Eldon Greij explains why some birds practice siblicide

Four Great Egret chicks wait to be fed in a nest in Florida. Image courtesy of asharkyu/Shutterstuck.
Four Great Egret chicks wait to be fed in a nest in Florida. Image courtesy of asharkyu/Shutterstuck.

The primary goals for birds are to survive, successfully breed, and dominate the gene pool. There are almost as many strategies to meet those goals as there are birds. Some lay small clutches of eggs, others large. Some begin incubation with the first egg, others after the clutch is complete. Some are monogamous, others are polygamous, and still more are promiscuous. The choices are endless and fascinating.

No strategy elicits emotions stronger than strategies involving siblicide, the death of a chick resulting from aggression by one or more of its siblings. The behavior requires asynchronous hatching, resulting from egg-laying intervals of preferably two or more days, and incubation beginning with the laying of the first egg. Siblicide usually occurs in clutches of two or three. Birds practicing the behavior include egrets, herons, pelicans, boobies, owls, and eagles.

Consider the Great Egret, which was studied intensely by Douglas W. Mock, the George Lynn Cross Research Professor of Biology at the University of Oklahoma. It lays a three-egg clutch that hatches asynchronously. The first chick gets all of the food brought by the parents and develops quickly. The second chick is not far behind. The third chick, however, is much smaller than the other two and weak because the parents rarely feed it. They make no attempt to parcel out the food equally; they’re content to feed the largest and most prominent chicks. And the chances are good that Chick No. 3 can be found spread-eagle on the nest floor with Chick No. 1 and Chick No. 2 standing on it.

Life looks pretty grim for Chick No. 3, and, unfortunately, it only gets worse. With Chick No. 1 taking the lead, the older siblings begin pummeling Chick No. 3. Relentless, No. 1 delivers vicious blows to the head, using its sharp bill. No. 2 pushes in and joins the assault. Both batter No. 3. Death results either from starvation or from wounds caused by the attacks. The youngster’s body is usually pushed from the nest.

Mock and his colleagues observed the behavior thousands of times. Sometimes, adults were in the nest when the carnage took place. How did they react? Most often, they preened calmly and deliberately, as if giving tacit approval to the attacks. But why?

Siblicide explained

For years, the behavior was thought to be a mechanism for brood reduction. Consider that egrets usually lay three eggs but most often raise one or two chicks. If food resources typically allow one or two chicks to survive, why do the birds lay a third egg?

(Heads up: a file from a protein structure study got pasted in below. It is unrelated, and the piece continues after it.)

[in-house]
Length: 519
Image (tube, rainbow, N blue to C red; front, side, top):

Because, on occasion, food is very abundant and the adults can successfully fledge all three chicks. The observation that aggression among the chicks is greatest when food is limiting supports the idea. When Mock removed the youngest chick from the nest, the aggression stopped. When the chick was returned, so did the aggression.

If the parents tried to feed all three chicks when food was scarce, the young would likely leave the nest at a reduced weight and in poor condition, and they would be unable to compete successfully after fledging. It’s better to sacrifice one chick and have one or two healthy chicks. In a related study, Mock found that the amount of androgens (including testosterone) that Cattle Egrets add to the yolks of the first two eggs is almost double what they add to the yolk of the third. This presumably increases the aggression of Chicks Nos. 1 and 2, an advantage they appear not to need.

While siblicide definitely causes brood reduction, there is another explanation for the behavior. A third egg offers insurance against the loss of the first two eggs from infertility or predation, or the early predation of either chick. Studies of several species have shown that a third egg will hatch and survive under such conditions.

Attracting reptiles

For years, it’s been known that associating with other species can be beneficial for one or more species within a group. Egrets in Florida, for example, enjoy a degree of protection from predators by nesting near alligators. Is it possible that siblicide, by providing chicks and carcasses, might play a role in attracting the reptiles?

Lucas A. Nell wanted to find out. In a recent study, he and colleagues from in the Department of Wildlife Ecology and Conservation at the University of Florida compared the body condition of alligators trapped in areas with and without nesting colonies of wading birds. Body-condition indices were significantly higher in alligators associated with the colonies. While it’s obvious that eating a young egret will benefit an alligator, this is the first study to document the effects of an egret colony on the body condition of a population of alligators. It’s as if both parties negotiated a deal. We’ll keep predators away, say the reptiles, so long as you provide an occasional morsel of egret. Everybody wins.

Siblicide is an unusual reproductive strategy that helps maximize surviving offspring. It again demonstrates the cleverness of those amazing birds. — Eldon Greij

Read the paper

Lucas A. Nell, Peter C. Frederick, Frank J. Mazzotti, Kent A. Vliet, and Laura A. Brandt (2016) Presence of Breeding Birds Improves Body Condition for a Crocodilian Nest Protector. PLoS ONE 11(3): e0149572.

 

This article from Eldon Greij’s column “Amazing Birds” appeared in the July/August 2016 issue of BirdWatching.

 

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Eldon Greij

Eldon Greij

Eldon Greij is professor emeritus at Hope College, located in Holland, Michigan, where he taught ornithology and ecology for many years. He is the founder of Birder’s World magazine and the author of our popular column “Amazing Birds.”

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